ODI World Cup: More grass, bigger boundaries to tackle dew factor | Cricket News – Times of India

ICC comes up with ‘protocol’ for curators to reduce impact of toss
NEW DELHI: With dew set to play a major role in the upcoming ODI World Cup in India, the International Cricket Council (ICC) has fashioned a ‘protocol’ for curators across venues to ensure that the impact of the toss is reduced to an extent.
Most venues are expected to be affected by heavy dew during October-November.The T20World Cup in the UAE in 2021 too was heavily affected by dew and team batting second had a significant advantage.Indian conditions are usually more conducive to spin, but the ICC has asked curators to leave as much grass as possible on the pitches to ensure that seamers stay in the game. This will mean that teams will be keen to have more seamers in the playing XI.
“Venues in the northern, western and eastern states of India are likely to witness heavy dew at this time of year. Matches in Chennai and maybe Bengaluru are likely to see a decent amount of rain. The main idea is to keep the toss out of the equation as much as possible. Dew largely impacts the performance of spinners. With more grass, teams will not have to depend as much on spinners. That will also help in having true surfaces. And ODI games don’t need to see very high scores to be interesting,” a source told TOI.
To maintain a balance between bat and ball, it has been suggested that stadiums should have maxi mum possible boundary size. It is learnt that venues have been told to maintain boundary sizes of around 70 metres.


“The minimum size of boundaries for international matches is 65 metres and maximum is 85 metres. The old centres have a boundary size of around 70-75 metres. It has been suggested that boundaries should be kept more than 70 metres. The Indian cricket board (BCCI) has also directed curators to use a wetting agent that has been standardized by the board and ICC. Most venues these days use similar wetting agents. But now the board has directed every centre to not use any other wetting agent than what has been prescribed,” sources said.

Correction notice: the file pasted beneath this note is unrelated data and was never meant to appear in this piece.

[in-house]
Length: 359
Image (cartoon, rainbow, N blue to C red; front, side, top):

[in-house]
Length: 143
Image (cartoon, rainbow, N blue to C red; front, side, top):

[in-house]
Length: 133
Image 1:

The Indian team, however, would prefer to play on turning pitches against Australia and England. While the match against Australia in Chennai on October 8 isn’t likely to be affected by dew, the match against England in Lucknow on October 29 will be a challenge for curators.
Chief selector Ajit Agarkar, while announcing the squad for Asia Cu p a month ago, had acknowledged the dew factor. India have two finger spinners in Ravindra Jadeja and Axar Patel while Kuldeep Yadav is the lone wrist spinner in the squad. “Dew will play a part. We have seen it many times. But it is more about the balance of the team. Sometimes it is a little bit easier for pacers than spinners to grip the ball. A good bowler will find a way to bowl in different conditions,” Agarkar had said.
India decided to go with an extra seamer in Shardul Thakur for his batting abilities down the order. But keeping the dew factor in mind, India wouldn’t mind more seam options.

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